Many of the world’s languages are in deep trouble. There are about 6,000 of them at the moment, but they are dying out at the rate of one every two weeks as those who use them as a native tongue die and their children prefer to speak one of the major languages instead.
In the fall of 1914, as the newly born World War I raged in Europe, there was another, more quiet death in the Cincinnati Zoo. That day Martha, the last passenger pigeon on earth, breathed her last and fell lifeless to the bottom of her cage.
I can think of two examples off the top of my head of military actions that rational people would not have predicted. I don’t think Macedonian bonds would have sold well in Amsterdam when Alexander the not-yet-Great set out to conquer the Persian Empire. And would speculators have bet on Nimitz instead of Yamamoto before the Battle of Midway, even if they were in on the secret that Nimitz was reading the Japanese naval code?
Mike Huckabee, the former governor of Arkansas and current Republican presidential candidate, was on Fox News Sunday this morning. According to two polls, he is suddenly a contender in Iowa, despite having spent only a tiny fraction of what Mitt Romney has spent there. He is now running an amusing ad.
Paul Tibbets has died at the age of 92. He was a retired brigadier general in the Air Force, and his death would have been of interest chiefly to family and friends, except for one mission in a long military career. That one mission, however, earned him a reefer on the front page of the New York Times.
It was twenty years ago today Black Monday when the Dow Jones Industrial Average declined 508 points, or 22.6 percent, on a record volume of 600 million shares, three times the previous volume record. The equivalent numbers today would be more than 3000 points on the Dow and a volume of around fifteen billion.The market had been very strong for months. It began 1987 at 1985 and on August 25 reached its peak at 2722, up 44 percent for the year. But the next two months were volatile, to put it mildly, with the market trending downwards, a pattern reminiscent of 1929. On Wednesday, October 16th, it fell 95.46, a record in point terms. The next day it fell 58 points and on Friday 108.35.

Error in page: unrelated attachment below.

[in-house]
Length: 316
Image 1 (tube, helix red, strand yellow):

The Term “Great Powers” has been around since the end of the Napoleonic wars. It was first used by Lord Castlereigh, the British foreign minister, in 1814, and the term was used at the Congress of Vienna in 1815 to describe Great Britain, France, Prussia, Austria, and Russia, who called the shots at that conference.
The judicial fashion statement of the Chief Justice wearing four gold stripes on his sleeves, while the sleeves of associate justices are unadorned, is a lot more recent than his official title, which, as Frederic Schwarz points out, dates to late in the nineteenth century. In fact it only dates to the middle of the late Chief Justice Rehnquist’s term, after he saw a production of Gilbert and Sullivan’s Iolanthe.
Five years ago, I wrote a piece about future political realignment for The Wall Street Journal, called “The Next Great Divide.” (The interested reader can find it at the Wall Street Journal website, but he will have to fork over $2.95 to see it, even subscribers. In fact even the author, I am not happy to report.)
This country often takes a very cavalier attitude toward ceremony and punctiliousness. I often get letters and e-mails from total strangers who address me as “Dear John,” or even “dear john,” capital letters having become optional in e-mails. That’s fine with me and quite in keeping with the character of this bumptious, informal, everyone’s-a-friend-until-proven-otherwise, howdy-pardner country of ours.
In 1914 the developed world exported manufactured goods to the undeveloped world (much of which the developed world had sovereignty over) and imported mostly raw materials and agricultural products in exchange. The United States by that time had become a major exporter of manufactured goods while remaining a major exporter of raw materials (such as petroleum and copper) and agricultural products (such as cotton and wheat). As has so often been the case in recent economic history, the United States had the best of both worlds. For a history of American foreign trade see here.